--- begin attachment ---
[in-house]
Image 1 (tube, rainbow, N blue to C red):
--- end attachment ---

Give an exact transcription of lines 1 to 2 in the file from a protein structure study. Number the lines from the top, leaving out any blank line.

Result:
[in-house]
Image 1 (tube, rainbow, N blue to C red):